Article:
By Shannon Dart
On December 30, 2022, the Medical Board of California (MBC) submitted its final Sunset Oversight Review Report to the legislature. The Sunset Report updates the legislature on past sunset issues and outlines current issues facing the Board.
In its Report, the Board stated that the current issue facing the Board is the possibility of financial insolvency. The Board reported that its financial position has continued to atrophy since the Board’s last Sunset Review Report was published. In a letter from MBC President Kristina D. Lawson to Senator Richard D. Roth and Assemblymember Marc Berman, the Board urged legislators to approve the Board’s proposals for continued financial resources to combat insolvency, calling the Board’s financial stability its highest priority in 2023. The Board also stated that a higher fee amount was necessary to maintain the Board’s budget than originally necessary, and the Board was required to take out two additional loans on top of the loan they were granted by the Bureau of Automotive Repair in Fiscal Year 2021–2022 (page iv).
One way the Board is addressing the fiscal deficit is by introducing electronic wallet cards. All licensees are allowed to create their own Pocket License Cards beginning April 2022 that are available for personal and/or professional use. The use of Electronic Pocket License Cards allows the Board to shift the cost of card production to licensees and allows licensees to receive a hard copy of their license card instantly instead of waiting 4-6 weeks for a plastic card in the mail. The Board also stated that research is underway on forming digital license cards through apps like Apple Wallet and Google Pay that automatically update a licensee’s card when their information is updated (page 16).
Another proposal put forth in the Report is the creation of a new staff unit to help guide consumers through the complaint process. The “Complainant Liaison Unit” would supplement the Board’s existing enforcement personnel and improve communications with consumers about the Board’s mission and enforcement programs and processes. Responsibilities would include communication with consumers prior to filing a complaint, support throughout the process, and evaluating complaint closure review requests. Staff project that the Liaison Unit would require adding four new Board employees (page 186).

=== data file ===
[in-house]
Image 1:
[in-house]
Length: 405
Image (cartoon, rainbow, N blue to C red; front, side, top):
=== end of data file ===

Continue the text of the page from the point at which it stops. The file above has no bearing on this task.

The Board additionally addressed its ongoing efforts to combat the opioid epidemic, renaming the former “Death Certificate Project” to the “Prescription Review Program” (PRP). The PRP proactively investigates deaths due to the prescription and overdose of opioids and conducts a full field investigation into the prescribing physician and the prescribing history. As of October 5, 2022, the Board, through the use of the PRP, has determined that street drugs, through illegal means of obtainment, account for a large percentage of the opioid cases they investigated (page 18).
The Board’s Report also listed changes in staff leadership. In late 2022, former MBC Executive Director William Prasifka resigned. No permanent replacement for the position of Executive Director was found; however, Deputy Director Reji Varghese currently fills the position while the Board begins the selection process at the beginning of 2023 (page 14).
The Board’s Sunset Review Oversight Hearing is set for March 16, 2023, at 1:30 p.m.